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Rocheleau v. Elder Living Construction, LLC

United States District Court, E.D. Michigan, Southern Division

April 23, 2015



MATTHEW F. LEITMAN, District Judge.


In this action, Plaintiff Richard Rocheleau ("Rocheleau") asserts claims against Defendants Environmental Specialty Services, Inc. ("ESS"), First Advantage LNS Screening Solutions, Inc. ("First Advantage"), and Elder Living Construction, LLC ("Elder Living") for violations of the Fair Credit Reporting Act, 15 U.S.C. §1681, et seq. (the "FCRA"). First Advantage and Elder Living have now moved for summary judgment on the ground that Rocheleau's claims are barred by the FCRA's two-year statute-of-limitations.[1] ( See ECF ## 39, 41.) For the reasons that follow, the Court GRANTS First Advantage's and Elder Living's motions.


On September 15, 2011, Elder Living ordered a background report on Rocheleau from LexisNexis Screening Solutions, Inc. ("LexisNexis"), First Advantage's predecessor. ( See Rocheleau Dep., ECF #42-2 at 61, Pg. ID 355; see also Declaration of First Advantage Vice President of Operations Matthew B. O'Connor, ECF #42-1 at ¶8.) It is unclear from the record why Elder Living ordered the report.[2]

On September 16, 2011, LexisNexis sent Rocheleau "a notice informing him that it was reporting public record information about him to Elder Living." (O'Connor Decl. at ¶11; see also the "September 16 Notice, " ECF #41-3, Pg. ID 322.) It appears that LexisNexis made the background report on Rochealeau available to Elder Living at this same time. ( See O'Connor Decl. at ¶11.)

On September 19, 2011, LexisNexis sent Rocheleau a second notice informing him that information in the background report "may adversely affect [his] employment status with Lowe's, " with which Rocheleau may have applied for a job. (The "September 19 Notice, " ECF #41-5, Pg. ID 328.)

Rocheleau received the September 16 and 19 Notices shortly after the date they were mailed in mid-September 2011. ( See Rocheleau Dep. at 26-27, Pg. ID 345-346; 70-71, Pg. ID 364-365.) He also received a copy of the background report at this same time. ( See the September 16 and 19 Notices, ECF #41-3, Pg. ID 322 and ECF #41-5, Pg. ID 328.) Rocheleau did not dispute the accuracy or completeness of the background report, but he did object to the report being prepared and disseminated without his permission. Rocheleau thus contacted LexisNexis multiple times in September 2011 to say he had not authorized the background report and that he was "not happy that [it had] been done." (Id. at 71-72, Pg. ID 365-366.) According to First Advantage, "LexisNexis has [never] received a dispute from Mr. Rocheleau concerning the accuracy of the background report prepared on him for Elder Living." (O'Connor Decl. at ¶10.)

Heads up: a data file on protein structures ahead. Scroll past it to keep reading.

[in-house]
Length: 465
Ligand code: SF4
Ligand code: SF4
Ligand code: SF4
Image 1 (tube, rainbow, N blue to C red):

On September 26, 2011, LexisNexis sent Rocheleau another notice informing him that Lowe's had decided not to hire him, and that this decision "was based in whole or in part on information about [him] contained in the [background report]." (The "September 26 Notice, " ECF #41-6, Pg. ID 329.) Rocheleau does not dispute that he received the September 26 Notice in late-September 2011. ( See Rocheleau Dep. at 78, Pg. ID 372.)

On November 25, 2013, more than two years after Rocheleau first learned about the background report and the possibility that information in the report may have contributed to Lowe's decision not to hire him, Rocheleau filed this action alleging that the Defendants violated the FCRA. ( See Complaint, ECF #1.) Rocheleau thereafter filed an Amended Complaint ( see ECF #5) and a Second Amended Complaint ( see ECF #9) - both of which alleged violations of the FCRA. First Advantage and Elder Living now move for summary judgment, primarily on the ground that Rocheleau failed to file this action before the applicable statute-of-limitations expired. ( See ECF ## 39, 41.) The Court heard oral argument on April 13, 2015.


A movant is entitled to summary judgment when it "shows that there is no genuine dispute as to any material fact...." U.S. SEC v. Sierra Brokerage Services, Inc., 712 F.3d 321, 326-27 (6th Cir. 2013) (citing Anderson v. Liberty Lobby, Inc., 477 U.S. 242, 251-52 (1986)) (quotations omitted). "The mere existence of a scintilla of evidence in support of the [non-moving party's] position will be insufficient; there must be evidence on which the jury could reasonably find for [that party]." Anderson, 477 U.S. at 252.

When reviewing the record, "the court must view the evidence in the light most favorable to the non-moving party and draw all reasonable inferences in its favor." Id. Indeed, "[c]redibility determinations, the weighing of the evidence, and the drafting of legitimate inferences ...

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